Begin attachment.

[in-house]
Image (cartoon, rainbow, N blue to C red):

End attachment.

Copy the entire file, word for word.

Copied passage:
[in-house]
Image (cartoon, rainbow, N blue to C red):